83


HISTORY FLOW RUNWAY REUSE IDEA TH

ED

IRE C

TIO

N OF

AIRPL

ANES TA KE OFF

OPEN UP THE FORMER RUNWAY

TO GO UP AND VIEW BACK TO TAIC

HUNG CITY

OBSERVATORY DECK

(10% of former structure remains)

OPEN PLAZA

(100% of former structure remains)

OPEN PLAZA

(50% of former structure remains) (Reuse onsite asphalt as paving material)

GARDEN

(10% of former structure remains)

84


As the runway is one of the most important elements for the Taichung former airport, the runway redesign idea maintains the onsite structure, but also will open up for certain degrees with planting design. The reused runway not only maintains the history of the site, but also turns it into a new and vivid greenway by providing activities and planting.

DRY POND

(60% of former structure remains) (Open up to collect water from green streets)

GARDEN (10% of former structure remains)

OPEN SPACE

(80% of former structure remains) (Reuse onsite asphalt as paving material)

GARDEN (10% of former structure remains)

85


HISTORY FLOW RUNWAY REUSE

86


87


HISTORY FLOW RUNWAY LIGHTING DESIGN

88


89


VEGETATION FLOW LEVELS OF VEGETATION FOREST

1 TREES

Ficus microcarpa L.f. Cinnamomum camphora Zelkova formosana Hayata

2 SHRUBS

Murraya paniculata Hydrangea macrophylla Hypericum monogynum L.

3 GRASS

2

3

Cynodon dacylon (Bermuda Grass)

1

WATERFRONT PLANTS 1 TREES

Taxodium distichum

2 EMERGENT PLANTS Typha orientalis Nelumbo nucifera Pontederia cordata Thalia dealbata

1

2

3 SUBMERGENT PLANTS

3

Hydrilla Ceratophyllum

DETENTION PLANTS 1 TREES

Cercis chinensis

2 SHRUBS

1

2

3

Misumena vatia Verbena officinalis Cornus officinalis Hibiscus rosa-sinensis

TREATMENT PLANTS 1 TREES

Cercis chinensis

2 SHRUBS

2

1

Misumena vatia Verbena officinalis Cornus officinalis Hibiscus rosa-sinensis

RUNWAY PLANTS 1 TREES

Acacia confusa

Cerasus serrulata

2 SHRUBS

1

90

2

Misumena vatia Verbena officinalis


FOREST SHRUB CORRIDOR TREE RUNWAY TREE SUBMERGENT PLANT EMERGENT PLANT MEADOW DETENTION GRASS LANDFORM GRASS FLOWER GARDEN

0 200’

1200’ 600’

2000’

N

91


VEGETATION FLOW CORRIDOR CONNECTIONS AND SEASONAL TREES The corridor planting design not only creates more greenery, but also uses the colors of the trees to create distinct identities for each corridor. The planting design includes trees that are native or adapted to the area and provides the foundation for the overall planting palette. The corridor planting design is based on the color and seasonal changes of the trees and assigns different colors and species for each corridor. Each corridor has its own character and connects with surrounding districts. When people walk on the corridors, they can identify where they are going with colors and species of the trees.

GATEWAY DISTRICT

NORTH DISTRICT RESIDENTIAL DISTRICT

CULTURAL DISTRICT

UNIVERSITIES

PLANTING PALETTE

WEST ACADEMIC DISTRICT

WEST DISTRICT

92

EAST ACADEMIC DISTRICT


GATEWAY DISTRICT

RESIDENTIAL DISTRICT

1 Delonix regia 2 Pistacia chinensis

2

1

1 Tabebuia chrysantha 2 Cassia fistula 3 Tabebuia chrysantha

GATEWAY DISTRICT

3

1

2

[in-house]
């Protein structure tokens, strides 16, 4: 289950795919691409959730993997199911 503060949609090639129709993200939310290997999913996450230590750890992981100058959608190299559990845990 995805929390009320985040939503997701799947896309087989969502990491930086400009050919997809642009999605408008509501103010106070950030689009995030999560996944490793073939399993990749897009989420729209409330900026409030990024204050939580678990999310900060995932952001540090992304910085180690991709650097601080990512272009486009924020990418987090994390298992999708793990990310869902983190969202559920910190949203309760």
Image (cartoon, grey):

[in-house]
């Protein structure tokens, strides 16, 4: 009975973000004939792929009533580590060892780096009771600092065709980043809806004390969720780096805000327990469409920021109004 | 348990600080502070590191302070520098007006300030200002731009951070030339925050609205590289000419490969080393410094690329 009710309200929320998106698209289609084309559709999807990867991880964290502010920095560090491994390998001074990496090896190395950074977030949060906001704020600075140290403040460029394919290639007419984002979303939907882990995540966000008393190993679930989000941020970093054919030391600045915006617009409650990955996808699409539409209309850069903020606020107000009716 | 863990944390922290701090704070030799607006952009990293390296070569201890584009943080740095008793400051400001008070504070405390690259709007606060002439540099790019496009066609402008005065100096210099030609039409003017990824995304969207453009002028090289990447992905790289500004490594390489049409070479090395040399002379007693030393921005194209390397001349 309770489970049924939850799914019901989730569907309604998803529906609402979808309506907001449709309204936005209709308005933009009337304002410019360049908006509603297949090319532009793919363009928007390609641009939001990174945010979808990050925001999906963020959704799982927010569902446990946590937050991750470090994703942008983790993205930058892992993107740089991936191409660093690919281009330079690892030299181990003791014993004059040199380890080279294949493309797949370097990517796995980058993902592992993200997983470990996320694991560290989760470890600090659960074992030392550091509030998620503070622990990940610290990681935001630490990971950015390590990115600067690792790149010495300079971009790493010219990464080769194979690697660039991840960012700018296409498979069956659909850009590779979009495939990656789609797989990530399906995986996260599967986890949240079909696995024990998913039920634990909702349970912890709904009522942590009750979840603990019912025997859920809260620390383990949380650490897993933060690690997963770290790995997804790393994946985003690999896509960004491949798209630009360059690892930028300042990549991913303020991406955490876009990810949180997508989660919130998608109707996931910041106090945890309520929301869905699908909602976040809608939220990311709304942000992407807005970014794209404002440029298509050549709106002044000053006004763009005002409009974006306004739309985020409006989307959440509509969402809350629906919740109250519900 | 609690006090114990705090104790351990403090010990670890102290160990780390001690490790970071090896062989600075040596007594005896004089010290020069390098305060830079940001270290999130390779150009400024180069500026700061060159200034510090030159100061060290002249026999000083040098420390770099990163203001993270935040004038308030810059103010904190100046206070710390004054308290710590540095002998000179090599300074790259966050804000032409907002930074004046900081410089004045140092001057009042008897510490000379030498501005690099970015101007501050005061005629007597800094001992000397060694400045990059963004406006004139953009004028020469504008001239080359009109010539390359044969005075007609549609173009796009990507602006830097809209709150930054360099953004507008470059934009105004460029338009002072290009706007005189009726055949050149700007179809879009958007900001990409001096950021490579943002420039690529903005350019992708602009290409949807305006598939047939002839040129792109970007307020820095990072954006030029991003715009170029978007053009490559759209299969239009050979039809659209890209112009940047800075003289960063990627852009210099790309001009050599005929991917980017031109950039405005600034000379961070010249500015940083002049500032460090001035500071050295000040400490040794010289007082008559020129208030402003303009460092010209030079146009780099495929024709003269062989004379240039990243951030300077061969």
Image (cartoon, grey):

UNIVERSITIES

CULTURAL DISTRICT

1 Koelreuteria elegans

1

UNIVERSITIES

CULTURAL DISTRICT

1 Jacaranda mimosifolia 2 Michelia compressa

1

WEST ACADEMIC DISTRICT

2

NORTH DISTRICT

1 Phoenix dactylifera Linnaeus 2 Washingtonia filifera

WEST ACADEMIC DISTRICT

1

2

EAST ACADEMIC DISTRICT

1 Bauhinia purpurea 2 Liquidambar formosana 3 Calocedrus formosana WEST DISTRICT

1

2

3

93


VEGETATION FLOW SEASONAL CHANGING

SPRING 94

SUMMER


FALL

WINTER 95


07 / ABOUT

AUTOBIOGRAPHY RESUME REFERENCE

96


97


AUTOBIOGRAPHY & RESUME I grew up in the small city of Taichung in Taiwan. I attended art schools that allowed me to cultivate diverse perspectives since I was a young girl. In high school, I got accepted by Tunghai High School, which is part of Tunghai University. The university has a famous art department, and the high school shared many resources with the university. I was very fortunate to be able to take university courses and participate in a variety of activities at school. These programs helped me to increase my creativity and made me want to become a designer in the future. After high school, I went to the Chinese Culture University, and majored in urban affairs and environmental planning where I studied urban planning, urban design and other design fields. In the second year of college, I started an important class in the major – the practicum. The practicum looked at projects that were currently happening in cities, and we had to find the opportunities and constraints of the projects; we based our design on analysis and found out the solutions to the design problems. These processes in the practicum inspired my interest in design and planning. I

98

realized that design is meaningful and interesting. From that time I devoted myself to our department courses, and cultivated a greater understanding of landscape design and urban planning. In the last year of college, I received an internship at my teacher’s firm. During my internship, I received many opportunities on real projects to utilize what I have learned in school. The project that made the biggest impression on me was a small plaza called ChinShin plaza. It was a small abandoned space between two tall buildings. After construction was done, it became a wonderful small space for public use. I was so surprised that one small space can change the surrounding area into a popular urban outdoor area. I was so proud that I was one of the people who helped to build a green space in the city. After the internship, I felt that I needed to learn more than just the big picture of urban planning. I wanted to focus on the details of landscape architecture. That is the reason that I came to San Francisco to attend the School of Landscape Architecture in Academy of Art University .


PROFESSIONAL EXPERIENCE

• AECOM

Urban Designer at SHANGHAI and TAIPEI, DEC. 2016 - OCT. 2018

Ashley Wu